text that has been copied word-for-word, or close to it. Although attributing
    the basic ideas to the source, the writer is falsely claiming original
    presentation and interpretation of the information.

4. "The Resourceful Citer"

    The writer properly cites all sources, paraphrasing and using quotations
    appropriately. The catch? The paper contains almost no original work!  It is
    sometimes difficult to spot this form of plagiarism because it looks like any
    other well-researched document.

5. "The Perfect Crime"

    Well, we all know it doesn't exist.  In this case, the writer properly quotes
    and cites sources in some places, but goes on to paraphrase other
    arguments from those sources without citation. This way, the writer tries to
    pass off the paraphrased material as his or her own analysis of the cited
    material.

http://www.plagiarism.org/
Republic Act 8485 (Animal Welfare Act of 1998, Philippines), as amended and strengthened by House  Bill 6893 of 2013--- violation means a maximum of P250,000 fine with a corresponding three-year jail term and a minimum of P30,000 fine and six months imprisonment


Lorenzo

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Re: Plagiarism: knowing it for what it is
« Reply #4 on: August 21, 2012, 03:45:14 AM »
Good thread, Isles. For those who are pursuing their Bachelor's, Master's , and Doctoral degrees, it is important to make sure to cite any references in their papers. Always protect yourself when regarding academic writing by citing frequently and citing appropriately.

One can use the APA or MLA format for citation. I prefer to use the APA format. :)



islander

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Re: Plagiarism: knowing it for what it is
« Reply #5 on: August 21, 2012, 03:51:45 AM »
that's why there will always be advisers for academic papers.
Republic Act 8485 (Animal Welfare Act of 1998, Philippines), as amended and strengthened by House  Bill 6893 of 2013--- violation means a maximum of P250,000 fine with a corresponding three-year jail term and a minimum of P30,000 fine and six months imprisonment


islander

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Re: Plagiarism: knowing it for what it is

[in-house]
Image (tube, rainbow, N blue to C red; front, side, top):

« Reply #6 on: August 21, 2012, 03:59:42 AM »
Some tips for avoiding accidental plagiarism when you use sources:

1.  Cite every piece of information that is not a) the result of your own research, or b) common knowledge. This includes opinions, arguments, and speculations as well as facts, details, figures, and statistics.

2.  Use quotation marks every time you use the author's words. (For longer quotes, indenting the whole quotation has the same effect as quotation marks.)

3.  At the beginning of the first sentence in which you quote, paraphrase, or summarize, make it clear that what comes next is someone else's idea:

       According to Smith...
        Jones says...
        In his 1987 study, Robinson proved...


4.  At the end of the last sentence containing quoted, paraphrased, or summarized material, insert a parenthetical citation to show where the material came from:

        The St. Martin's Handbook defines plagiarism as "the use of someone else's words or ideas as [the writer's] own without crediting the other person" (Lunsford and Connors 602).

    (Notice the use of brackets to mark a change in the wording of the original.)

more at http://www.writing.northwestern.edu/avoiding_plagiarism.html
Republic Act 8485 (Animal Welfare Act of 1998, Philippines), as amended and strengthened by House  Bill 6893 of 2013--- violation means a maximum of P250,000 fine with a corresponding three-year jail term and a minimum of P30,000 fine and six months imprisonment


Lorenzo

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Re: Plagiarism: knowing it for what it is
« Reply #7 on: August 21, 2012, 05:49:50 AM »
that's why there will always be advisers for academic papers.

You're absolutely right, Isles. Speaking as a doctoral student, its also a blessing to have friends who can kindly proofread papers. ;)

PS. Thanks isles...!

hubag bohol

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Re: Plagiarism: knowing it for what it is
« Reply #8 on: February 11, 2015, 11:12:59 PM »
...than to speak out and remove all doubt." - Abraham Lincoln